We tell ourselves stories in order to live.
I almost lost my husband, somewhere
between here and home. It’s like I put
him in my pocket without realizing
there was a hole in the stitching. Really
he could be anywhere. I retread my steps,
scanning the ground left to right until
my vision blurred and I thought maybe
I was crying but instead I was tired.
It’s been hours but maybe days since
I last held his hand in my hand. Since
then I’ve bought a condo, a Mini, hired
a nanny. I’ve pre-paid a dog walker
so I’m never in demand. I’ve got people
aplenty, and I’m certain with enough
money we will be all right. It’s funny
now I am without him, it’s like he
was never here. So when I found him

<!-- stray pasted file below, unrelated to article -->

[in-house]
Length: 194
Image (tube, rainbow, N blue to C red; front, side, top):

waiting at the corner–we were to meet
here at half-past five!–I’m not sure
what to do with a husband. I’d gotten
accustomed to being a widow if only
for a moment or two. The abandonment
felt like a gust rushing the open door,
scattering my plans like stacked papers
turned to airplanes, to confetti.
The shock of cold air ran sharp along
my future and swept it clean.
But soon I shivered, wanting to lay down
behind him, pull up my shins against
his back, stoke the ember near-dormant between
the half-shells of our old bodies. I return
my purchases–no warranty for wishes–
and hand him the keys to our house
where I keep the needle and the thread.